One of the mysteries of the English language finally explained.
An American cicada whose nymphs emerge from the soil in large numbers periodically. The mature nymphs of the northern species (seventeen-year locust) emerge every seventeen years; those of the southern species emerge every thirteen years. A cicada brood can be so abundant that the shrill sound emitted by the males can damage the human ear.
- ‘The fact that periodical cicadas emerge after a prime number of years could be just a coincidence.’
- ‘The bugs belong to the largest group, or brood, of periodical cicadas - insects that spend most of their lives as nymphs, burrowed underground and sucking sap from tree roots.’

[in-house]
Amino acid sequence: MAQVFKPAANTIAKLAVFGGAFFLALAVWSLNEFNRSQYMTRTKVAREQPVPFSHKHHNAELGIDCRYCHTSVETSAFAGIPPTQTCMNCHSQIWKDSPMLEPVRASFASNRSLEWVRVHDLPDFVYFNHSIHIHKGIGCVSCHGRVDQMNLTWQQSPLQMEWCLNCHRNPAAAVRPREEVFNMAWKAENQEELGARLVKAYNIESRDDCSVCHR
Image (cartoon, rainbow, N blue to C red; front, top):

- ‘This year, thirteen-year cicadas will appear in Louisiana, Mississippi, Arkansas, Tennessee, Kentucky, Missouri, and Illinois, and seventeen-year cicadas will show up in Ohio, Pennsylvania, and West Virginia.’
- ‘But the lack of a viable predator control of the periodical cicadas doesn't mean the periodical cicadas have no predators, or no effect on their predators' lives.’
- ‘It is not known how periodical cicadas synchronize their life cycles over 13 or 17 years - or how they manage to count out the years.’
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